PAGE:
Last week, Gilead Sciences and Merck announced that they have paused the Phase II trial of HIV treatment islatravir and lenacapavir, according to BioSpace.

The companies stated, “This temporary pause has been implemented out of an abundance of caution, to allow the companies to consider potential protocol adjustments to the trial in light of Merck’s announcement on November 18 regarding the decision to stop dosing in the Phase II IMAGINE-DR clinical trial evaluating the once-weekly combination of MK-8507 and islatravir.”

Islatravir is a nucleoside reverse transcriptase translocation inhibitor for the treatment of HIV. Lenacapavir is an investigational drug belonging to the class of HIV capsid inhibitor, which could also be used for HIV. Both these drugs have not been approved for HIV yet.

Dr. Joan Butterton, Senior Director in the Department of Clinical Pharmacology at Merck Research Laboratories, said, “Merck remains resolute in its commitment to help address the unmet needs of people living with HIV and continue to do our part in the global efforts to help end the HIV pandemic, which includes the ongoing development of islatravir.”

“All clinical studies provide important learnings to help us in the fight against HIV, and we are grateful to the patients and investigator for their contributions,” she added.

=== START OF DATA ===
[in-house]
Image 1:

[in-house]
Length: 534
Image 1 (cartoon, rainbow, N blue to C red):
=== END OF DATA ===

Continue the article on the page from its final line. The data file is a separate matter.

In July, Gilead announced new results from its ongoing Phase II/III CAPELLA trial of lenacapavir in heavily treatment-experienced people with multi-drug resistant HIV, according to BioSpace. The data showed the drug achieved high rates of viral suppression at Week 26 when given every six months along with other antiretroviral drugs.

At the time, Prof. Jean-Michel Molina of the University of Paris said, “Despite the advances in treating HIV infection, there remains an unmet need for treatment options for people who struggle with multi-drug resistance. “

“The CAPELLA results are exciting as they demonstrate that an undetectable viral load is achievable in a patient population that has typically had challenges with viral suppression over the course of their journey living with HIV,” he added.

Merck is facing a few setbacks, which is looking to develop MK-8507 as an oral, once-a-week treatment for the treatment of HIV. Islatravir is currently used along with doravirine in a once-daily setting to treat HIV.